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When does natural become man made? What's the dividing line?

  1. Oct 2, 2008 #1
    I'm watching a show about reintroducing bison to the great plains, because man killed most of them off. In the same breath they talk about how indians would burn the plains to attact bison to the new growth and that's why there were so many of them. Who decides which is the natural order? I'm fairly sure that by increasing the number of bison, the indians caused the decrease of some other creature. If we are going to get the world back to how it was before man crashed the party and ruined everything what do we aim for? primordial soup?
     
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  3. Oct 2, 2008 #2

    wolram

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    I all most sure there is no ansewer to that.
     
  4. Oct 2, 2008 #3
    The best plan would probably be the extinction of mankind...
     
  5. Oct 2, 2008 #4
  6. Oct 2, 2008 #5
    That's only a few hours from here, it's a pretty cool place to see.

    They killed millions of buffalo there, they did not kill them by the millions.
     
  7. Oct 2, 2008 #6
    Sorry , crappy grammar.
     
  8. Oct 2, 2008 #7

    Moonbear

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    What makes humans somehow "unnatural"? That's the part that always boggles me, as if we're something other than "natural." :uhh:
     
  9. Oct 2, 2008 #8

    Evo

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    PETA members?
     
  10. Oct 2, 2008 #9
    Salad is not food! Salad is what food eats.
     
  11. Oct 2, 2008 #10

    Moonbear

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    :rofl: :biggrin:
     
  12. Oct 2, 2008 #11

    Evo

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    :rofl: I've never heard that one.
     
  13. Oct 2, 2008 #12

    Chi Meson

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    Serious here:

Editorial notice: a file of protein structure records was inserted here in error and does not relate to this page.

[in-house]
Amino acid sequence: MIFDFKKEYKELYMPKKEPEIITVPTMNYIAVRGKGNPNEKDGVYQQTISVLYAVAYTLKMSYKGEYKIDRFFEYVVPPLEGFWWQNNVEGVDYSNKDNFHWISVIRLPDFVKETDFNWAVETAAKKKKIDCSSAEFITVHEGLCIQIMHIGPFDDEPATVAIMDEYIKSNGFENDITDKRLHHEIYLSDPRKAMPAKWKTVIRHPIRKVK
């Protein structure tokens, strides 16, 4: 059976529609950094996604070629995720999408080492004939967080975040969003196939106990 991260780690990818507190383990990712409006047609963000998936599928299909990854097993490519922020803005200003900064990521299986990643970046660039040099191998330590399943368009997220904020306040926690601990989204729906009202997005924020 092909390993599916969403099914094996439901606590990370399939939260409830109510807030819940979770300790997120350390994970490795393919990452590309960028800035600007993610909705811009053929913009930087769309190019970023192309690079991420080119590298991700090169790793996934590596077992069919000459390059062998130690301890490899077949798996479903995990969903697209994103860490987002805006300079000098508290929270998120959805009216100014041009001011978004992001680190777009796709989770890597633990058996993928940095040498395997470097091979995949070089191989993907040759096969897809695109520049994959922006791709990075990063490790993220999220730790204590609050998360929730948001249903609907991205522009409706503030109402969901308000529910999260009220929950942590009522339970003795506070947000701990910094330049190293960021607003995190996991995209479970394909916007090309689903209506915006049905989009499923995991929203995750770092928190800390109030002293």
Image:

I think of it sort of like good architecture. There's a scientific part that follows physical laws, the structure, the materials, etc, and then there is the unquantifiable aesthetic part. Reintroduction of animals to areas is kinda like deciding that the living room worked better in the earlier design when it was east of the kitchen, not on the second floor. There is a sense that we liked it the was it had been, before the plans were changed.

    Is anyone following me?

    So if you make a change in the blueprint, and then don't like what happened, why can you not make another change? Either way, it's not going to be "natural." And I agree, what's not natural about humans? And we have blueprints!

    "Hey, I don't like the island cook station in the kitchen, I wanted the peninsula design. No, wait make it an archipelago!"

    Yeah, that would be neat.

    Yes, I am talking about the bison.
     
  14. Oct 2, 2008 #13
    I think a more accurate analogy would be that we liked the kitchen before we drove a bulldozer through it.
     
  15. Oct 2, 2008 #14
    Or liked the lot before we built the house. ;-)
     
  16. Oct 2, 2008 #15
    I wouldn't think that the purpose is strictly to put things back the way they were before. My impression is that ecological scientist have theories about what makes an ecology "healthy" and robust - able to deal with disruptions and return to a point of stability - and that's what they're often aiming for in restoration projects, rather than simply a desire to turn back the clock.
     
  17. Oct 2, 2008 #16
    Or liked the house before we knocked it down...
     
  18. Oct 2, 2008 #17

    Ivan Seeking

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    From what I understand, the big picture is sustainability. Some people just hate to see change, and there are plenty of puritans out there, but other people [like scientists] are worried about throwing things out of balance to the point where our ecosystems collapse. For example, we wiped out the wolves, so deer populations exploded and wreaked havoc. We DDT'd the mosquitos in some third world nations to near extinction, so the mosquito predators took a dive, and the mosquitos populations exploded making the problem worse than when we started.

    We are like children with crayons trying to repair a Michelangelo. Frankly, we don't what is important and what isn't, but we are told that ecosystems are or may be highly interdependent. So, for example, the loss of trees in old growth forests might, through a long sequence of events, eventually lead to the loss of phytoplankton in the oceans, which is the base of the food chain for the planet.

    As for Bison, I don't know of any claimed critical role that they play. Perhaps they are critical as a food source for wolves or scavengers that in turn play other important roles in the ecosystem.
     
    Last edited: Oct 2, 2008
  19. Oct 3, 2008 #18

    Vanadium 50

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    I should point out that there is some evidence that the great mid-continental prairies are themselves artificial: produced by burning, to increase the number of bison the land would support. Had this not happened, a large fraction of the prairie would likely be oak savannah (and a good fraction of the savannah would be forested).
     
  20. Oct 3, 2008 #19
    "Who decides which is the natural order?"

    English professors at an MLA conference.
     
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